• Reign in the Cloud: As information moves towards the cloud, the more universally accessible it becomes. Information becomes seamlessly integrated into our lives. This will also change the way that we view technology in schools. Devices will serve one purpose – to get on the web. Ram will be the important metric and not hard drive space. Schools can invest much more in mobile tech or allow students to use their own.
  • Remote Collaboration: Working with people from around the world is becoming easier by the day. Skype and other digital platforms stretch the limits of what we used to believe possible in regards to collaboration. Our students can now work with students in almost every corner of the world and learn together.

The Evolution of Education Tools

Interesting infographic found on Pinterest displaying the growth of education tools over the years.

Education Collaboration II – Connecting Ideas

I was really happy to see the response to the Education Collaboration post from yesterday. The goal is to continue these posts and solicit suggestions for bringing educators and their ideas together to foster student success.

Before we discuss tech platforms for collaboration, the genesis of ideas should be examined. One of the foremost experts in this field is Steven Johnson, who funnily enough penned the book, “Where good ideas come from”. An RSA summary narrated by Johnson himself can be found in the header of this post. Johnson points out that many great ideas develop slowly and manifest themselves more as a hunch in one’s mind. Often these hunches are pieces of a bigger puzzle that only really take off once they are combined with the hunches of another. A good example would be Jobs and Wozniak – each held a piece of the Apple puzzle.

Johnson points out that the coffee houses of the enlightenment were so important because they brought great thinkers together under the same roof, helping to connect hunches to form great ideas. What platforms will serve to connect people for an educational enlightenment? Statistics show that face to face collaboration is the most effective, but how often do we have face time at school?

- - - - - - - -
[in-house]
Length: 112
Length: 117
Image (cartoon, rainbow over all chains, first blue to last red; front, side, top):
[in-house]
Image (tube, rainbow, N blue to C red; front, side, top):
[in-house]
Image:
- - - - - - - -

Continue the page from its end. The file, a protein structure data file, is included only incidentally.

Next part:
The ideas that will move education in the desired direction will come from the connected hunches and intuitions of teachers dispersed around the world. How do we connect them? There are so many social media platforms that will facilitate the connections but how do we stoke the flames to get people interested in mass collaboration?

Share here or at:

#educationcrowdsource

I found an interesting article on Edutopia about a group of teachers leading such a collaboration movement under the name “The Educator’s Village”. It is a very good read and it provides you an opportunity to collaborate immediately via a Google Form. Click on the picture to read the article.


Education Innovation

We live in a time of rapid innovation in the private sector. This innovation is being fuelled by connecting people through social technology. The walls between creators and consumers are disappearing with the paradigm shifting towards co-creation. The video in the header of this post defines innovation as the culmination of the tri-part process of IDEATE, CREATE, and VALIDATE. If private sector giants like Coke, IBM and P&G can shift course towards a more innovative, social oriented business model, don’t tell me that public education cannot follow suit.